EV critics often cast doubt about waste associated with used electric-car batteries. What they overlook is recycling efforts as well as the second use of batteries for stationary energy storage. The latest of many projects to deploy used EV batteries in buildings was announced today by Mitsubishi.
The Japanese automaker said it will partially power the Okazaki City plant, where it makes electric cars, with batteries previously used in its EVs.
The utility-scale rooftop photovoltaic system will be able to produce 3GW of power a year – and store 1MWh of energy in used batteries from Mitsubishi Outlander Plug-in Hybrid vehicles.
The PV and battery-storage system is expected to reduce carbon emissions by approximately 1,600 tons a year. Its primary purpose is to avoid peak demand of power consumption at Okazaki Plant. The stored energy can also be used in the event of a power outage.
Soon after launching the all-electric i-MiEV car in 2009, Mitsubishi introduced demonstrations and pilot projects for homes and car dealerships powered by EVs and electric-car batteries.
At this year’s Geneva Motor Show, Mitsubishi showed its Dendo Drive House, an energy system allowing owners to generate, store, and energy automatically between their cars and home. The two-way vehicle-to-grid system was offered to its EV and plug-in hybrid customers in Japan and Europe in October.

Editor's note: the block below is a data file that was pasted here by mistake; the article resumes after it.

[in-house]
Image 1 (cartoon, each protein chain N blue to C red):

The Mitsubishi projects are hardly the only examples of effective secondary use of EV batteries.
In May, BELECTRIC, a German solar and battery company, completed a 1.9MWh energy storage system using second-life electric-vehicle batteries from Audi. The Berlin-based system uses 20 batteries from test vehicles owned by Audi. The project was built at the EUREF Campus, a high-tech, low carbon innovation center.
In June 2019, used Nissan Leaf batteries were deployed to a half-dozen sports stadiums in Europe. In the same month, Rivian sent used pickup truck battery packs as an energy storage system to create microgrids in parts of Puerto Rico impacted by Hurricane Maria in 2017.
More recently, in October, Renault began building the largest proposed stationary electricity storage system using EV batteries in Germany. The project aims to create at least 60MWh of capacity using more than 2,000 EV batteries.
When Mitsubishi’s new project is completed in May 2020, the solar-plus-EV-battery system will be one of the largest rooftop PV system projects in Japan.
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